The three P’s of disaster preparedness: How legal issues are critical during hurricane season
It only takes one hurricane to change your life, your home, and your community. Just ask anyone in the Florida Panhandle who survived Hurricane Michael in 2018 or those living in the Florida peninsula or the Keys who went through Irma in 2017. These communities are still waiting today, in 2020, to recover, rebuild, and repair. The 2020 Hurricane Season began June 1 and runs through November. The time is now to prepare.
Legal Services of North Florida (LSNF) provides free legal help to 16 counties in North Florida, most of which were affected by Hurricane Michael. Since Hurricane Ivan in 2004, the LSNF team has actively responded to disasters faced by our communities, by providing assistance to those clients recovering from hurricanes, flooding, tornadoes, and oil spills. Now the COVID-19 health emergency is impacting everyone in our communities in unprecedented ways, showing us again that preparedness is the key to recovery. Taking action now can save you and your family heartache, loss, money, and do so much more to alleviate the challenges which a disaster can bring overnight. It is never too late to start getting prepared.
The Three P’s of Disaster Legal Preparedness
As Floridians, we hear the message every season — Prepare! We know we need to update our disaster kit with food, water, medicine, batteries, and more. LSNF wants to remind you not to forget the Three P’s of Disaster LEGAL Preparedness — Paper, Pictures, and Property.
Paper: We know that we should protect important documents, but what documents are important? And why does it matter? In a disaster scenario, important documents are those that you should have at the ready to take with you if you need to evacuate. Think about what you would need if you lost your home — different forms of identification, like your driver’s license or state-issued ID, immigration/visa documents, birth certificates, marriage license, Social Security card, or even your passport. In the wake of a hurricane, just like right now during the COVID-19 health emergency, courthouses and government offices in your area may be closed to the public or have very limited access. This makes it difficult to get copies of important documents or court records. Identification documents are not the only important papers to consider. Do you have easy-to-access copies of child custody orders and orders of protection? Can you access your home, auto, or other insurance policies? These items may be lost if your home is damaged, or you may be delayed in returning to your home if you evacuated while first responders clear other damage.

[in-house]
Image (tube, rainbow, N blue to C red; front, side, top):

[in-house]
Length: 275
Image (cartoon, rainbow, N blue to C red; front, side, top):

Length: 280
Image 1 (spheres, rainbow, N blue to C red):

Property: For those who own or rent a home, there are actions you can take to protect your property. For homeowners, proof of ownership is important. LSNF has helped many who believe they own their home but don’t have legal documentation showing they do, which means that FEMA and others may not recognize them as the legal homeowners. Without proof that you own your home, you are limited in what you can do with the property even if you live there. Without proof of ownership, you may not be able to sell your house, insure it, finance it, repair it, rent it, or reduce the taxes on it. You may not be able to receive disaster financial assistance to repair damages caused by a storm. The time to get proof of ownership, also known as clear title, on your property is before a storm. Gather any legal documents on the home you have and talk with an attorney to determine the steps necessary to establish or prove ownership of your home.
Pictures: Whether you rent or own your home, having photos of your property and house is critical before disaster hits. Take photos of the inside and outside of your home and any additional structures, like garages or sheds. Take photos of the contents as well. When you take photos, make sure to use a time stamp as well, if possible. After the storm has passed and it is safe to return to the property, take pictures of the damage both inside and outside. If you apply for disaster assistance because there is damage to your home, the photographs will help to prove that the damage was caused by the weather.
Before this hurricane season gets away from you, take some time to consider how you can store documents in your disaster emergency kit. Consider a fire and waterproof box that can be easily reached and removed for quick exit if you evacuate. You may want to keep extra paper copies in another location. If you have access to a computer, you may also wish to store a backup of additional copies on its hard drive or in the cloud.
It’s impossible to know the impact of a disaster before the disaster strikes, so planning when a storm isn’t in sight makes you and your family safer when one comes. Disasters are already difficult enough; take care of things now so you can feel secure later.
Stephanie Johnson, is a senior attorney with Legal Services of North Florida